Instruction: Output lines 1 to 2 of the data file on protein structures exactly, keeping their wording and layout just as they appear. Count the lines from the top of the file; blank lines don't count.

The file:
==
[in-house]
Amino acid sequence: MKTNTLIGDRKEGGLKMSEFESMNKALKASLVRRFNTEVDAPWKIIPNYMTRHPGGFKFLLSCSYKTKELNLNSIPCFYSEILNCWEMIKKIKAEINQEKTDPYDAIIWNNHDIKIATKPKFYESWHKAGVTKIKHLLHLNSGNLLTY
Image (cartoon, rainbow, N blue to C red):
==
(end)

[in-house]
Amino acid sequence: MKTNTLIGDRKEGGLKMSEFESMNKALKASLVRRFNTEVDAPWKIIPNYMTRHPGGFKFLLSCSYKTKELNLNSIPCFYSEILNCWEMIKKIKAEINQEKTDPYDAIIWNNHDIKIATKPKFYESWHKAGVTKIKHLLHLNSGNLLTY